“It’s incumbent upon providers and suppliers, including pharmaceutical and device manufacturers and distributors, to attack these continually rising expenses to improve supply chain efficiency for all stakeholders, including patients,” said Rob Austin, director at Guidehouse, a global consulting firm and parent company of Navigant.
Navigant’s study identified three ways high-performing supply chain departments best leverage cost and quality data:
1. Identifying the services, products, and procedures that are truly needed and the most efficient, based on clinical evidence.
2. Partnering with data-driven physicians to minimize use of items and medications for which there is little or no supporting evidence and instead standardize on supplies shown to produce similar quality outcomes at a lower cost. This enables clinicians to focus on reducing care variation and the overall quality of care that’s delivered.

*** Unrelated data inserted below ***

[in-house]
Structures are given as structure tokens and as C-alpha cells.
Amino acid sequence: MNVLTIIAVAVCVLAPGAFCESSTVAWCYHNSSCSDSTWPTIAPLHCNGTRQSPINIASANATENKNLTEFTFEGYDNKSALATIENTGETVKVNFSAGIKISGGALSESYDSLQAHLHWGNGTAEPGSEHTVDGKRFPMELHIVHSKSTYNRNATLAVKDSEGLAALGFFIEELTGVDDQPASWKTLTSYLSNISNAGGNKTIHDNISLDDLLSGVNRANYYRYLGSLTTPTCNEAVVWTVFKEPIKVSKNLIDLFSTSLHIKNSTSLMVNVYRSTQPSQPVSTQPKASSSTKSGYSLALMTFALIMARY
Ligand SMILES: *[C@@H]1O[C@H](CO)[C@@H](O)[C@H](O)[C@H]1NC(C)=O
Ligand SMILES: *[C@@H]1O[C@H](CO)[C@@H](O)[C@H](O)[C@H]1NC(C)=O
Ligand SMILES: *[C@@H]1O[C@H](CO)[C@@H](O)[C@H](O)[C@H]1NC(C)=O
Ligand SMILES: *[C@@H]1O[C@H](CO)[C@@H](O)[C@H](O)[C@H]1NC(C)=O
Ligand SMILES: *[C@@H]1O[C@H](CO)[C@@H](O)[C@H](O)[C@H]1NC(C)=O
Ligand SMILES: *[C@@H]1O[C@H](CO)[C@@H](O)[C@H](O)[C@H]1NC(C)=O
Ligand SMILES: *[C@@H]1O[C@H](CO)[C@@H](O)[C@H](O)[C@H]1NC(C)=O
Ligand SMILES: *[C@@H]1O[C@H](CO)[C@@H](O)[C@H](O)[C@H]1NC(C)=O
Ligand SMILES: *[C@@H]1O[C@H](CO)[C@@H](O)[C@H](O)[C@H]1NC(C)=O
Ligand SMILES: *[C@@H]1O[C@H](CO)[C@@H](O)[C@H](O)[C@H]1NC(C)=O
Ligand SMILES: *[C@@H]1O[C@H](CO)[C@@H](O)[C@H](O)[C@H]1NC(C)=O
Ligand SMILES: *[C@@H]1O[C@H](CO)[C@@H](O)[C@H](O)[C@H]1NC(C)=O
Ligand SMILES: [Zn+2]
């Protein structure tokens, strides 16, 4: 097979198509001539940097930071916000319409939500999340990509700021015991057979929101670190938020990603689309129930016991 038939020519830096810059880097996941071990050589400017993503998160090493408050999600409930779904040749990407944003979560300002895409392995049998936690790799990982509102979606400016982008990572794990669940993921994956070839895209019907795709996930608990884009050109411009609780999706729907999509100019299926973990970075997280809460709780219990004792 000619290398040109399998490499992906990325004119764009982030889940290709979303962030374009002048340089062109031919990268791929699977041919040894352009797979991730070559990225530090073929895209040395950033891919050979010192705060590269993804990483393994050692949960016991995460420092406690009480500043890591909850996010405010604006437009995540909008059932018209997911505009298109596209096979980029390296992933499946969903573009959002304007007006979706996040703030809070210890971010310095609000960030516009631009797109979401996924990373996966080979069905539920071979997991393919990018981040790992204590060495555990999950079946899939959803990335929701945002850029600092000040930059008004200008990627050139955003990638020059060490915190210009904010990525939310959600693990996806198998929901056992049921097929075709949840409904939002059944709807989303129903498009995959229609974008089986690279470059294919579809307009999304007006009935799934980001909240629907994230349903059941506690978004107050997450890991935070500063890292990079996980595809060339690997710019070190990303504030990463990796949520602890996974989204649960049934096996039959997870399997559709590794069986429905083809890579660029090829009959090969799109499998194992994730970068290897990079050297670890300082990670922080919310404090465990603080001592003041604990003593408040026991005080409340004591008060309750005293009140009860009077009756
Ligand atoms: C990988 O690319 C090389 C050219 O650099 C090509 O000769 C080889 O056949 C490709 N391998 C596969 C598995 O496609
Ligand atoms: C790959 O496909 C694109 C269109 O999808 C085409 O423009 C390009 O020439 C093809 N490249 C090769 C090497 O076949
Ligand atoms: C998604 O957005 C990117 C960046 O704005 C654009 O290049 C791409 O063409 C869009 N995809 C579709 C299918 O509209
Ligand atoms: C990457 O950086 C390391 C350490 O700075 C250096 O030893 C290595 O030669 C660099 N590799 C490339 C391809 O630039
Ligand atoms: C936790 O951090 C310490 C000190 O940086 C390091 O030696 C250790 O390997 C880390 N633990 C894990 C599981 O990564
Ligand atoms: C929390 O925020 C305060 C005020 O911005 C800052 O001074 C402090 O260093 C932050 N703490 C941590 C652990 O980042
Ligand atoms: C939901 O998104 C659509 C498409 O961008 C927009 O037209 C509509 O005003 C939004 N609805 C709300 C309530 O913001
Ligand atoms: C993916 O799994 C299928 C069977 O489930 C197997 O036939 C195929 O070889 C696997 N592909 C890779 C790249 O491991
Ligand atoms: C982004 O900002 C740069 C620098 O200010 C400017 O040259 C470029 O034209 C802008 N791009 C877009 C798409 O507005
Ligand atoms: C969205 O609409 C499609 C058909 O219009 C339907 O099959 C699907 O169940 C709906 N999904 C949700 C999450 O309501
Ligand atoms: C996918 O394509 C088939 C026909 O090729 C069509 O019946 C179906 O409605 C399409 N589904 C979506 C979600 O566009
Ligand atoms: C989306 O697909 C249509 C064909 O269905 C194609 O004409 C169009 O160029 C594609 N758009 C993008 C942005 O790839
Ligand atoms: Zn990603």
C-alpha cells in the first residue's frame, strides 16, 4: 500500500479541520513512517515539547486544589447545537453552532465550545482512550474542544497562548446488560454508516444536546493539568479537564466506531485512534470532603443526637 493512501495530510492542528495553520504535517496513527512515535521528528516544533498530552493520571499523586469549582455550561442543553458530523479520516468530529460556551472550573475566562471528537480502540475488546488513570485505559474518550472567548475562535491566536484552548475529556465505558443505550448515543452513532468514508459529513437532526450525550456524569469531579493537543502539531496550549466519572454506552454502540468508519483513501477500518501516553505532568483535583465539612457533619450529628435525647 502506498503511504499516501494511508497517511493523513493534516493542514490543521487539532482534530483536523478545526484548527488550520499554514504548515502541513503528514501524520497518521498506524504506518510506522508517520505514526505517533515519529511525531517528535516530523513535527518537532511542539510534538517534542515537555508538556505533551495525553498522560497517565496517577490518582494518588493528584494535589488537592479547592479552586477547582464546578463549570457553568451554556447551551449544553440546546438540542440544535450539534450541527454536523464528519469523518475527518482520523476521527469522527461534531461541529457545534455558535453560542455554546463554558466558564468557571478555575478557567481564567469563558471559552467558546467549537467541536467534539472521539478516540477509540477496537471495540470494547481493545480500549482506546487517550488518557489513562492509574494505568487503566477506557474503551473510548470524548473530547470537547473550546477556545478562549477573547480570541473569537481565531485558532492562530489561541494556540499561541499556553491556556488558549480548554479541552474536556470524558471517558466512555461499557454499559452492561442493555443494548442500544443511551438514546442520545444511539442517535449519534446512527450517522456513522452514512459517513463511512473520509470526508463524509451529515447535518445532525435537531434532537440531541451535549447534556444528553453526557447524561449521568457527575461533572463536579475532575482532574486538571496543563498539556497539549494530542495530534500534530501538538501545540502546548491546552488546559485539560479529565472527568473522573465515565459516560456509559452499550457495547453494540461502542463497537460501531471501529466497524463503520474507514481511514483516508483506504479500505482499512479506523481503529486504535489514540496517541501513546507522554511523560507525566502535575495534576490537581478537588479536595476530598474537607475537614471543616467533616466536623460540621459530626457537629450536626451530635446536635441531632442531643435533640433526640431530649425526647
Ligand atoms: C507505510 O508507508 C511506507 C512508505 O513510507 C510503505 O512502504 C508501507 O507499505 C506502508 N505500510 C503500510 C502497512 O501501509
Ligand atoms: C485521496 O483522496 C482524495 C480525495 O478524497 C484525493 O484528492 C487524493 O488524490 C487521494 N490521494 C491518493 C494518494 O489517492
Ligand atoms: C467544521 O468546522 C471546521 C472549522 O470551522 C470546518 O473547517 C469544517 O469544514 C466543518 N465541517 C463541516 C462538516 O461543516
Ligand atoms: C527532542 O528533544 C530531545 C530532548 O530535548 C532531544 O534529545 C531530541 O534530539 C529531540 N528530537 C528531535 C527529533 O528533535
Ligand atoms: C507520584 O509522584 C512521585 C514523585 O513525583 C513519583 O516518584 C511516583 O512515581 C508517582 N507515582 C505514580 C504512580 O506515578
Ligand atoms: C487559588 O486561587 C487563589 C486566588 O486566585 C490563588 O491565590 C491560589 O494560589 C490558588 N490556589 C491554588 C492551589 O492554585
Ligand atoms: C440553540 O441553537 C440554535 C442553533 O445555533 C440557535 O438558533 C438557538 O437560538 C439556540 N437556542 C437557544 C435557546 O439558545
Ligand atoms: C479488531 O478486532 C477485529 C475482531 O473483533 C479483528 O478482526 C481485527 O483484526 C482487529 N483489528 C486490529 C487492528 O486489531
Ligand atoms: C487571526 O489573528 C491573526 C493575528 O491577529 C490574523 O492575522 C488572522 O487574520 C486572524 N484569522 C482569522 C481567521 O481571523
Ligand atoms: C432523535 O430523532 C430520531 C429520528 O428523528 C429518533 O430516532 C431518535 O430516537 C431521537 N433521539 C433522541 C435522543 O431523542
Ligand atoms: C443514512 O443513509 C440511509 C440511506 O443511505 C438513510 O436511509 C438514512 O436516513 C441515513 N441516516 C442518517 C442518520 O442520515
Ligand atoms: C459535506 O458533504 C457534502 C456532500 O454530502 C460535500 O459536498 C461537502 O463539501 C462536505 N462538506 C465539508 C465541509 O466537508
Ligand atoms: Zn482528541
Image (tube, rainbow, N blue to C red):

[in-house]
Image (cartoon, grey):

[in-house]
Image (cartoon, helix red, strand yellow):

3. Employing physician executives, such as chief medical officers or surgical subspecialty directors, to lead standardization efforts with clinicians — that’s because many clinicians perceive cost conversations as a potential threat to how they deliver care.
“Physicians and other clinicians understand the significant savings to be had in decreasing variation, and they’re as frustrated as any stakeholder by the lack of progress,” said Dr. Chuck Peck, Guidehouse managing director and a former health system CEO. “Realizing these opportunities requires system and supply chain leadership to have more direct conversations that start at a place no clinician can walk away from — quality of care. Such conversations are best initiated by someone clinicians know has been in their shoes.”